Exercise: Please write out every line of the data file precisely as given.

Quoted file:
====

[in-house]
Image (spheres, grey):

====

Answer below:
[in-house]
Image (spheres, grey):